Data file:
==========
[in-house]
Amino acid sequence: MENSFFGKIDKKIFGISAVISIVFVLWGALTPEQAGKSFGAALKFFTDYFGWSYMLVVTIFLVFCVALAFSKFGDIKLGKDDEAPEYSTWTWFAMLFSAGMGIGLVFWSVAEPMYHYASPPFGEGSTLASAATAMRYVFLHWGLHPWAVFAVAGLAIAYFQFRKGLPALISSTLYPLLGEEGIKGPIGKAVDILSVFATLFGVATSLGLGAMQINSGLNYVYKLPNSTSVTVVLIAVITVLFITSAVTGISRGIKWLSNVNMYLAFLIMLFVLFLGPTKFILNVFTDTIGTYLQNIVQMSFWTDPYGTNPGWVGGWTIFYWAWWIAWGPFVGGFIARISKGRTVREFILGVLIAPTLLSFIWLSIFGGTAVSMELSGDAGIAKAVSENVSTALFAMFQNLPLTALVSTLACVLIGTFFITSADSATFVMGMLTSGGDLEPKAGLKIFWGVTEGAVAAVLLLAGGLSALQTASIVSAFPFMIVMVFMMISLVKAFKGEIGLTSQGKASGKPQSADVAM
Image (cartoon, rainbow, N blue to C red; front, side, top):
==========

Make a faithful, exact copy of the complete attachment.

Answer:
[in-house]
Amino acid sequence: MENSFFGKIDKKIFGISAVISIVFVLWGALTPEQAGKSFGAALKFFTDYFGWSYMLVVTIFLVFCVALAFSKFGDIKLGKDDEAPEYSTWTWFAMLFSAGMGIGLVFWSVAEPMYHYASPPFGEGSTLASAATAMRYVFLHWGLHPWAVFAVAGLAIAYFQFRKGLPALISSTLYPLLGEEGIKGPIGKAVDILSVFATLFGVATSLGLGAMQINSGLNYVYKLPNSTSVTVVLIAVITVLFITSAVTGISRGIKWLSNVNMYLAFLIMLFVLFLGPTKFILNVFTDTIGTYLQNIVQMSFWTDPYGTNPGWVGGWTIFYWAWWIAWGPFVGGFIARISKGRTVREFILGVLIAPTLLSFIWLSIFGGTAVSMELSGDAGIAKAVSENVSTALFAMFQNLPLTALVSTLACVLIGTFFITSADSATFVMGMLTSGGDLEPKAGLKIFWGVTEGAVAAVLLLAGGLSALQTASIVSAFPFMIVMVFMMISLVKAFKGEIGLTSQGKASGKPQSADVAM
Image (cartoon, rainbow, N blue to C red; front, side, top):